Arts and Culture / News

‘Bruce Almighty’ director Tom Shadyac brings his personal documentary to DU

Back in November, the Internet was abuzz about a Los Angeles Times profile of Tom Shadyac, the director of Hollywood blockbusters such as Bruce Almighty and Liar, Liar, who had given away most of his Hollywood fortune and moved into a small trailer park in Malibu, Calif. Three years after a cycling accident that nearly claimed his life — and an ensuing bout of crippling post-concussion syndrome — Shadyac returned to filmmaking, albeit in a smaller, more personal way. His new documentary I Am, which Shadyac brings to DU on Jan. 25 for a special pre-release screening, features the director talking with a variety of thinkers and doers — including scientist David Suzuki, linguist Noam Chomsky, activist Howard Zinn and Archbishop Desmond Tutu — about what’s wrong with the world and what can be done to fix it.

We caught up with Shadyac by phone to talk about the film and his journey making it.

You’ve been traveling since midsummer 2010 doing pre-release screenings. How have they been going?
We feel humbled by what we’re experiencing. It seems to be striking a chord with people and inspiring them and opening them up. The most common comment that we get is that people thank us for making a movie that expresses what they’ve always felt in their heart. That means something is translating, and that has a power to it.

Is it easy to explain what that is, or do you have to see the movie to understand it?
I think people know deep down that the way we’re doing things is not necessarily the only way to do things. That there may be a deeper, richer, truer, more beautiful way to walk in the world. And the vision we have for our society — the way we teach our kids, the way we craft our businesses — is a way, but it’s not a way that doesn’t have alternatives that might enrich all of us. I think when you see what’s going on in the environment — inarguably something is happening, whether you call it global warming or poisoning the natural world — and when you see what’s going on in the economy, which doesn’t seem to be fixable right now — nobody seems to have an answer, and that’s because there may be a deeper problem with how we’re doing our business with each other.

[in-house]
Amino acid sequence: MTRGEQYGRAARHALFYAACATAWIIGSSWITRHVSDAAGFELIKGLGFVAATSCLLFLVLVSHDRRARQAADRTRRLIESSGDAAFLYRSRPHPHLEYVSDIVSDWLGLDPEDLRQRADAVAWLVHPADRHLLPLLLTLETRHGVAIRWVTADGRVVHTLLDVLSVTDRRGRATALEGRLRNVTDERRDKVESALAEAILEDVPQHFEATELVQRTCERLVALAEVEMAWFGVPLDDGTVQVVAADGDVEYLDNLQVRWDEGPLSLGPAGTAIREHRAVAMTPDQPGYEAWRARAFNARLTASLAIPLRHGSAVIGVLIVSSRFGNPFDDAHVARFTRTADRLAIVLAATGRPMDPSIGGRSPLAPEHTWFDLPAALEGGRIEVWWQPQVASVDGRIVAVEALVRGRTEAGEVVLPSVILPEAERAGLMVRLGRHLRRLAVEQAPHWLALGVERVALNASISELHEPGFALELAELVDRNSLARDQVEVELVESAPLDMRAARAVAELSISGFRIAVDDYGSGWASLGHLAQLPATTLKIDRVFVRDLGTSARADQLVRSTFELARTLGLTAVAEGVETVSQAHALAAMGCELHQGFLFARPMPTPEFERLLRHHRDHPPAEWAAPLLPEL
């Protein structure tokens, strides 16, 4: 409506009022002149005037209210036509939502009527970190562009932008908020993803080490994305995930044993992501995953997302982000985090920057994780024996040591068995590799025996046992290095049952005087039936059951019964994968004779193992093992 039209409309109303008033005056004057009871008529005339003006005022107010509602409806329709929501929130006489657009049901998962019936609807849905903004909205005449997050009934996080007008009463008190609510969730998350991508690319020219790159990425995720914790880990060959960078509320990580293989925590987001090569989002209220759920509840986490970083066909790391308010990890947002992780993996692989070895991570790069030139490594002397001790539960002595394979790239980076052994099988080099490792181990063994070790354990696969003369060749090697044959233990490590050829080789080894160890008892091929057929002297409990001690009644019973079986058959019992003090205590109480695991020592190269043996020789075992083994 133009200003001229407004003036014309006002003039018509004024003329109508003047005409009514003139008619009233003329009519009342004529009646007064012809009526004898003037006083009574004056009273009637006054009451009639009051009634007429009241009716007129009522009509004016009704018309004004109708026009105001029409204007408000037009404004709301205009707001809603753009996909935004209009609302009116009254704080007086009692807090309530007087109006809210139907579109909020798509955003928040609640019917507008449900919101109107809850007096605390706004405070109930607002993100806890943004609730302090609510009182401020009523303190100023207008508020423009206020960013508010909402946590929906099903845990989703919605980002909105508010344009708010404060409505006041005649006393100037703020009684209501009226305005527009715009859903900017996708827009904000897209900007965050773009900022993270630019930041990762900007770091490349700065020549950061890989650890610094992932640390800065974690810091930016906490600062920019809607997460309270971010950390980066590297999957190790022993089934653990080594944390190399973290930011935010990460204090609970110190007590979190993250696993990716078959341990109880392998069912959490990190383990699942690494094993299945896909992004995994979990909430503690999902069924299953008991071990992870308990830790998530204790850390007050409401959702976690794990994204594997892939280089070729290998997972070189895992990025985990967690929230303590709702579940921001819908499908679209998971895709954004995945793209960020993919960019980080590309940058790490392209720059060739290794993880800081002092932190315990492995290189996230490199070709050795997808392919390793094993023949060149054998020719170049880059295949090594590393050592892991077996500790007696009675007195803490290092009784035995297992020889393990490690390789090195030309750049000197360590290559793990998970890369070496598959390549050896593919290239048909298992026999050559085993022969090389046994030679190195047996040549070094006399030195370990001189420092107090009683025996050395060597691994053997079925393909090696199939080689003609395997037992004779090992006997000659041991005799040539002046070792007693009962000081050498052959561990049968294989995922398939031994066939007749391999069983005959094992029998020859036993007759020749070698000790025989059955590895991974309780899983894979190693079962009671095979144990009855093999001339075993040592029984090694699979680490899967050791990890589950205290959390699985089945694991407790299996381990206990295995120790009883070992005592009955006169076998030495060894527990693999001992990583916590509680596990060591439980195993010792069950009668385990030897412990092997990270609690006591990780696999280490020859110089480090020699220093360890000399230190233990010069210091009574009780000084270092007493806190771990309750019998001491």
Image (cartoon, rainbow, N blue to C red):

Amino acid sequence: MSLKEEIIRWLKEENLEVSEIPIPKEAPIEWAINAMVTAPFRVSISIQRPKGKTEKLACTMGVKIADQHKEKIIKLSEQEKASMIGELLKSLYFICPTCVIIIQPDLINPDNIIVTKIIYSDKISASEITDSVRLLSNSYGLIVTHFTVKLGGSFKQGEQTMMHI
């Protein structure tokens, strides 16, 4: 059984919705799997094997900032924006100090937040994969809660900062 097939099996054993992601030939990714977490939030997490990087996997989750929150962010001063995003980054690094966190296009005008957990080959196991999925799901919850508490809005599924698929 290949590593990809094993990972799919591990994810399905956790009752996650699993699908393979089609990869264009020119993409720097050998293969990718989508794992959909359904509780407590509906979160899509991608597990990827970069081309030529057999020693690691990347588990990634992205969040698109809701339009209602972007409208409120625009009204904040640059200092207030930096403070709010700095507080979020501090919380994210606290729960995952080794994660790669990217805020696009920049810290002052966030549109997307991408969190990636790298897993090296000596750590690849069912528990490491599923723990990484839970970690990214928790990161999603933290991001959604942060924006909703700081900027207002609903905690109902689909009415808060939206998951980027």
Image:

How and when did the idea for the movie begin?
About 15 or 20 years ago, I started on the journey of seeking. I always wanted to know what was true. And as more and more things came my way, as I walked in the way that I had been taught in the world and was a quote, “success” in that model, I began to question it because it didn’t bear the fruits that I had been promised. Three years ago, when I faced my own death after a bike accident and I thought that I was going to die and I may have one more artistic chapter left, this is what emerged. I wanted to talk about what I had come to question and understand, and I wanted to offer that to others for their own knowledge or to invite a conversation.

After all the pain from the bike accident and the post-concussion syndrome you suffered as a result, was there any therapeutic value in making the documentary?
There was certainly an edifying, educational side. I got to sit with some great minds and spirits, people who have devoted their lives to research and work in opening up our thinking, opening up the way we do things and busting out of this cultural sack, if you will. Whether it’s a historian like Howard Zinn or a mystic poet like Coleman Barks. I got to sit with them and just radiate in their light. These are people I would have longed to meet anyway, whether I was making a movie or not, just to go and say, “Please, can I sit with you? Tell me what you know.” That was a great, great blessing for me. 

There’s been so much written about you now: that you’re the guy who left Hollywood behind, gave away his money, moved to a trailer park — is that oversimplifying your story, or is that pretty accurate?
It’s a little oversimplified. First of all, I haven’t left Hollywood. There’s this idea that I dropped out of Hollywood, and that’s not true. I was sick for a very long time, and so I wasn’t able to take on a feature film. I could take on a smaller film like this with a very limited scheduled and crew. But I believe in what Hollywood does. I believe in storytelling. I believe in the beauty of this kind of art. I simply do my business differently. I no longer want to support an economic system that I think doesn’t help. I want to be a part of the healing as much as possible. So I’ve shifted my own way of doing things. And yes, I’ve simplified my life a great deal. I live in a mobile-home community that’s beautiful; it’s not about suffering. I didn’t move away from a mansion, I moved to something beautiful and simple, and now I have more time, energy and resources to engage in work that needs to be done in the world. It’s brought a light and a purpose and a meaning to my life that is tangible.

 Shadyac appears with his new documentary, I Am, at 7 p.m. Jan. 25 in Davis Auditorium in Sturm Hall. Admission is free but an RSVP is required.





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